There’s a litany of options when it comes to three-row crossover SUV’s these days. Nearly all of them follow a similar formula: a boxy exterior design (to maximize interior space), an optional V-6 engine and all the options one could want. If it ain’t broke, don’t fix it. Well, it may not be a broken formula, but Mazda has deviated from it with its three-row CX-9.
Mazda is known for churning out attractive looking vehicles. With its kodo design philosophy, basically every product in the brand’s portfolio is among the top of its class when it comes to subjective design. The CX-9 is no different, if not the best example of kodo at work. Designers gave the CX-9 a long hood that meets the grille a very pointed fashion, giving the CX-9 an aggressive appearance that mimics some luxury brands. A similar treatment has taken place with the rear, while a sweeping greenhouse and flowing lines attractively connect the two.
Perhaps the biggest feat of Mazda designers here is that they’ve managed to design a three-row crossover that doesn’t actually look like one; a theme you’ll begin to pick up on as we unpack the rest of the CX-9.
While it’s subject to some interpretation as to the level of premium found in the exterior design theme, the interior is less so. Mazda has crafted an interior space in the CX-9 that looks like it should be found in an Audi, not a mainstream consumer brand. Our top-of-the-line Signature tester featured premium materials, including open-pore wood trim and a trendy Auburn color palette. The fancy materials comprise an overall design that feels more car than crossover with a low dash panel and driver-centric cockpit feel.
Fortunately it isn’t just a pretty face, either. Mazda’s control gear is not placed in usual locations. For example, the volume knob is found on the center console, not on the instrument panel. While there is an adjustment period to acclimate to the odd placement, it does prove to be ergonomically valuable.
What isn’t ergonomically valuable in the CX-9 interior is the brand’s infotainment system. CX-9 owners get a seven-inch screen with the base model, while all other trim levels (including our tester) feature a larger eight-inch unit. While the screen size is fine, it can only be controlled by a control knob found on the center console; there’s no touchscreen.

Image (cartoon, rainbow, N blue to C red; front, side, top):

The lack of a touchscreen is paired with an infotainment software UI design that is clunky, unfriendly and a general hassle to use. This is a major sore spot on an SUV that is likely attracting younger, tech-savvy customers; the exact demographic that may find this infotainment system to be deal-breaker. Users have to flip between menu trees and screens to do simple tasks like switching from SiriusXM to USB, while there’s currently no support for Android Auto or Apple CarPlay, though Mazda says it’s coming.
Mazda does gain some electronic redemption through the CX-9’s color heads-up display and 12-speaker Bose surround sound system. In fact, heads-up display can be hard to come by in this segment.
Creature comforts are mostly par for the course in this SUV segment, and the CX-9 blends in in this regard. Higher trim levels feature a three-zone climate control system so rear passengers can control their own temperature destiny, while both front seat and second row passengers benefit from heated thrones. The driver also gains a heated steering wheel. Mazda is unfortunately only offering a standard sunroof in the CX-9, no panoramic option; an omission worthy of mention since our tester was pushing $50,000.